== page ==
I grew up in a fogbank known as San Francisco’s Richmond district. As a child, I’d wake to the foghorns keening: A single high-pitched wail meant the fog wouldn’t burn off all day, so I’d reach for a book. So it began, my life-long love of books. Being a reader was easy, but being a writer? That was another story (pun intended), as I was surrounded by some intimidating folks in my own family. My aunt Audrey wrote mystery novels under the pseudonym Francis Bonnamy and Audrey’s husband, Uncle Jay, was a brilliant journalist for The New York Times. Uncle Dick was a rare book expert and notable jazz critic. For decades I was sure I wasn’t a “real” writer—someone with credentials and degrees—but now I realize that a writer is someone who writes.
By high school, the impulse to write went underground. I found my niche in ballet and modern dance, and, of course, dancing to Chuck Berry in the high school gym, at “Y” dances, or dances held at the local Catholic schools. As turbulent as those years were, dancing helped ground me, literally and figuratively.
I’d like to say that I went on to do something sensible, like becoming an accountant, or a plumber; instead, I graduated with a degree in Art History from the University of California, Berkeley. This qualified me to go to work for the Phone Company, and yes, in those days, there was only one.
After a year filling orders for PBX systems, I left California for New York City where I studied with modern dance legend Erick Hawkins. I found an apartment in a nice family slum with a tub in the kitchen and a tribe of durable roaches. Eking out a living as an illustrator for Butterick-Vogue patterns, I soon realized that darning my tights in a garret, while an improvement over the Phone Company, was not to my taste. I left New York for a more economically predictable life in Washington, DC. Here I found a civilized city not unlike San Francisco, with Victorian architecture, nearby beaches, mountains, and vineyards. For me, the trick to a happy life in Washington is to steer clear of politics and politicians. In the ensuing years, I had a varied and satisfying career in not-for-profit organizations, all the while nurturing my lust for literature, art, and dance.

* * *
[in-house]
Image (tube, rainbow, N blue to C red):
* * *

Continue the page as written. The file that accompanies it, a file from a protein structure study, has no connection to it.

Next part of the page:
I’m thrilled to be a Board member for Washington, DC’s preeminent modern dance company, the Dana Tai Soon Burgess Dance Company. They are inspirational in so many ways – check them out here: http://dtsbdc.org/
Now, I live and write in a condo with a view of the Washington Channel in DC’s new Wharf area. Yep. Downsized. My husband Richard and cat Fred keep me company, while my son Nicolas, teaches high school history and government near Fredericksburg, Virginia. My step-daughter Laura, grandson, Sam, and son-in-law, Rob live in Alexandria. Both kids are close enough to visit, but far enough away to have their own lives.
Ellen Boyers Kwatnoski is seeking representation for two novels, Three Graces and Charlie and Still Life with Aftershocks. Still Life was one of 50 semi-finalists (out of 5,000 entrants) in the 2012 Amazon Breakthrough Novel Award Contest. She writes book reviews for the Washington Independent Review of Books and belongs to the Writers Center in Bethesda, Maryland. Published in The Northern Virginia Review, her short story, “Like with Like,” was a nominee for a Pushcart Prize.
Ellen most enjoys writing stories that communicate the deepest human emotions while never drowning the reader in them. What interests her most is the tension between the uncertainty and pain of life and its everyday pleasures, triumphs, and absurdity. She enjoys exploring the intersection of the visual arts and literature, often drawing inspiration from Washington’s trove of museums, galleries, and gardens.